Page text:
The "REF" is in the same location but with changes.The room behind the door was commandeered for the Vegetarians. There were eight to a table and we were forever hungry !!! Cakes of soap as "ghoos"to certain bearers supplemented the odd extra and if you were one of the fortunate ones with P M, then "Blackie" was a Godsend !


Two Science Rooms for Physics and Chemistry. Some will remember Mr Joseph, Mr A B Roy and Mr Chatterjee...all brilliant Teachers

The Reading Room was on the ground floor of the main building

Pavilion and "Box Room" on Second field. The 'pav' developed cracks and portions were sinking caused by the underground stream so it was demolished and replaced with two very popular 'Handball Courts'. When the student numbers increased these courts were converted into store rooms for trunks. Behind the Boxroom where we had our lockers, is where the 'paniwalla' would stoke the fire for our twice a week showers... can you blame our vintage for being allergic to water !!!Shortcut to Mt Carmel and the path to Rolly Polly, Red Cross, Doctor's Farm and Chimney. Pity about the deforestation, the trees have gone and monkeys now forage for food in and around the school.

The Dormitory. Now there are several "dorms" in different buildings but in my time there was only one with a floor to ceiling wooden partition that separated the Seniors and Juniors. which was in the main building

The Main building in the background on Third Field. On the left ... Today a three storey concrete building replaces the tin-shed classrooms

Chapel What is the Study Hall now that doubles as the Concert hall was the Chapel in my time. The arch still exists and what was the Sanctuary is now the stage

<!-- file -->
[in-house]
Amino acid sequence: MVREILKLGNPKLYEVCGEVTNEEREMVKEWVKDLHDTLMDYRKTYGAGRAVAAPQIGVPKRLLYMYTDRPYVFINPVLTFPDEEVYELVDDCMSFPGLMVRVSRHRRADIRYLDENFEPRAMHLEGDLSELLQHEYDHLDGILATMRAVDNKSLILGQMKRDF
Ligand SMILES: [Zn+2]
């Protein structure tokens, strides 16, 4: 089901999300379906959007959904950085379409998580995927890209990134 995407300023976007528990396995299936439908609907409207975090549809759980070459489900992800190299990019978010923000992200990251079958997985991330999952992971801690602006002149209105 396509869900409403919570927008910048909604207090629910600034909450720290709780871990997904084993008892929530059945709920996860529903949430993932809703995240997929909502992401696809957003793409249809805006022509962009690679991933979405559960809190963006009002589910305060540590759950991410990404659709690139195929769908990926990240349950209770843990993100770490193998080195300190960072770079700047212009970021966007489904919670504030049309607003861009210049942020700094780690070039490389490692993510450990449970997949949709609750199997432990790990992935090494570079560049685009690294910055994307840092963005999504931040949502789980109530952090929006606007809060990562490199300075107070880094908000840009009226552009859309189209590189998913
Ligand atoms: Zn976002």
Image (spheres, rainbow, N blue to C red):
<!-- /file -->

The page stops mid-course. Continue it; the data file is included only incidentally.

Second Field Senior boys trained for 'Club Drill' while the junior had 'Dumbbells'. On the right of the building in the background is the path that led to Sepoydhura and Range Road, the 'butts' and shooting range where Seniors were given rifle practice.On the right are the "bogs"and Pavilion.

First Field, Quite a change from today. The Cryptomeria (Cripti, as we knew them)is the cypress family, inaccurate named "Japanese Cedar" They would have blocked the view from the top and were lopped in the late 30's

Wednesday, March 26, 2008

Nahoum's

This article was sent to me by Mrs Santi Vyse
Matt

Nov 2007
Calcutta & Nahoum – A Sweet Love Affair

This post belongs to: Categories/Profile Issues/Nov 07 - Jan 08


Christopher M. Michael

The writer is a 3D artist and animator with an interest in the esoteric. He is also fond of photography and travelling.

Oscar Wilde said, “The only way to get rid of temptation is to yield to it”. That’s surely true whenever you walk past shop F-20 in Kolkata’s New Market- Nahoum & Sons, a Jewish-owned bakery and confectioner’s, tempts one to enter and indulge the senses with aroma and variety.

It’s the start of a new shopping day and shop-owners are just pulling up shutters for business. The sound of metal grates echo through the market and a few shoppers walk down the aisles to see if their favourite shop is open. Nahoum & Sons is one of the few with an early and punctual opening.

I enter Nahoum’s and walk around for a few minutes, looking at the variety confectionary laid out on the shelves. I hear someone asking me to move aside and I glance to my right to see a man carrying a fresh tray of pastries from the bakery. I step aside to allow him passage and he rushes to the shelves and puts the tray on display. While the freshly baked stock is being brought in, David Nahoum, carrying the family’s business well into the third generation, sits calmly behind an antique cash register reading the day’s newspaper. He pauses only to make payments and note accounts, while exchanging casual talk with the early customers. The purpose of my presence there is to approach him and take a history lesson on one of Calcutta’s great establishments.



David Nahoum